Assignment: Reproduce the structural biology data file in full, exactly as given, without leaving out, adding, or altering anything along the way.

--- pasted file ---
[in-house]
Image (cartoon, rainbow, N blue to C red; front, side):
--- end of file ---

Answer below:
[in-house]
Image (cartoon, rainbow, N blue to C red; front, side):